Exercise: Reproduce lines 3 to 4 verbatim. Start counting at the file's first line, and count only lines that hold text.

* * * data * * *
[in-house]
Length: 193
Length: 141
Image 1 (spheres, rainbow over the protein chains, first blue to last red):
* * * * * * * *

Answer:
Length: 141
Image 1 (spheres, rainbow over the protein chains, first blue to last red):